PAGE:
Shock discovery of ancient space invader

11 May 2006

Deep in a huge crater, scientists have unearthed an astonishing find - the only preserved fragments of an asteroid ever discovered. We've always thought asteroids vaporised when they hit Earth head-on. How did this one survive?Antenna investigates the rocky relic...

This story was published in Nature on 11 May 2006.

Image: David A Hardy/

In South Africa an asteroid crater wider than London has surrendered some amazing space secrets - the first fragments of a large asteroid ever found. The impact crater, called Morokweng, formed when a huge asteroid slammed into our planet 145 million years ago.
Until now, scientists thought a large asteroid's energy turned into heat when it hit, vaporising the asteroid and melting the ground to form a so-called melt sheet. But drilling deep into Morokweng's melt sheet has revealed a beach-ball-sized lump of asteroid, along with lots of smaller fragments.

The team drill deep into the crater to take samples of the melt sheet.

Image: Marco Andreoli

'We got excited as the drilling got to around 800 metres deep when we saw something that was clearly not of earthly origin. This asteroid is preserved just as if it fell yesterday.'
Marco Andreoli, geologist, University of the Witwatersrand, South Africa

Marco Andreoli, geologist, South African Nuclear Energy Corporation and University of the Witwatersrand, South Africa.

Image: Marco Andreoli

'How the asteroid fragments came to be embedded in the melt sheet is a big question; they just should not be there. The melt sheet is actually boiling following an asteroid hit. This would melt away nuggets and boulders of asteroid faster than a box of ice cream in your kitchen oven.'
Marco Andreoli

This rock sample contains fragments of the first asteroid ever discovered intact. The brown 'nuggets' in the sample once orbited the Sun, and are probably older than the planets in our Solar System.

Image: Jennie Hills/Science Museum

Somehow chunks of this asteroid survived the impact. Now experts are looking again at how asteroids, and their smaller cousins meteorites, impact on Earth. One big question is, if this meteorite made it, might others have survived their impact with Earth in the past?
'There is a lot of talk nowadays about the possibility of a cosmic swapping of bacteria-carrying meteorites between the early Earth and Mars about 4 billion years ago. Any improved impact models may affect the possibility of such things occurring.'
Marco Andreoli

Could life from Mars have made its way to Earth?

Meteorites that hit in Antarctica are preserved by the extreme cold, and the white background makes them easier to spot.

Image: NOAA

Most meteorites that make it through our atmosphere quickly weather away. They last longer in dry or cold conditions, so nearly all meteorites we find have fallen in the Antarctic or in deserts. But even these are much younger than the newly discovered rocky relics.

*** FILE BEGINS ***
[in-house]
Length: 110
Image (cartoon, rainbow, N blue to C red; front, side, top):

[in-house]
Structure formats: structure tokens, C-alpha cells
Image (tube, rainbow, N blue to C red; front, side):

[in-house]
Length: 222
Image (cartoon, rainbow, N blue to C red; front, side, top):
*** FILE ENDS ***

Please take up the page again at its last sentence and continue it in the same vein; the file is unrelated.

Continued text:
'The Morokweng meteorite was protected from weathering beneath the melt sheet, and is the oldest unaltered meteorite known. And the composition is very different to the meteorites we have found so far. This might be because it hit Earth so much earlier.'
Wolf Maier, meteorite expert, University of Quebec, Canada

Wolf Maier, meteorite expert, University of Quebec, Canada

Image: Marco Andreoli

Samples drilled from the crater are carefully logged and tested to see if they contain any space rock.

Image: Marco Andreoli

The international team of scientists used a battery of tests to prove that this humble boulder was part of an ancient asteroid which once orbited our Sun.
How do we know these fragments of rock were once part of an ancient asteroid?
'We could be quite sure once we found the chondrules. These "drops of fiery rain" are little beads that were molten before the planets formed, swirling around the baby Sun 4600 million years ago.'
Marco Andreoli

The rocky relics found at Morokweng once swirled around the Sun.

Image: NASA

Most scientists believe that a huge asteroid impact caused mass extinction of the dinosaurs.

Image: NASA

Scientists believe the Morokweng asteroid hit our planet at the end of the Jurassic period. It didn't cause huge damage to wildlife, unlike the massive asteroid impact which most scientists believe wiped out the dinosaurs 80 million years later.
'We know we are star dust - our atoms are the remnants of stars that exploded billions of years ago; perhaps the first life on Earth came from space too.
'The Morokweng asteroid suggests we need to think again about the chances of anything contained within large asteroids surviving an impact with our young planet.'
Doug Millard, space curator, Science Museum

Doug Millard, space curator, Science Museum

Image: Doug Millard